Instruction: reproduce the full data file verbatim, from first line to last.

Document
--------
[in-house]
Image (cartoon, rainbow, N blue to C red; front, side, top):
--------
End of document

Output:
[in-house]
Image (cartoon, rainbow, N blue to C red; front, side, top):